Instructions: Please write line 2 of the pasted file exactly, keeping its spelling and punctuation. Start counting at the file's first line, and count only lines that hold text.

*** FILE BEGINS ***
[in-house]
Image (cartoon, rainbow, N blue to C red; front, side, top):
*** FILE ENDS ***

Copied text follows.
Image (cartoon, rainbow, N blue to C red; front, side, top):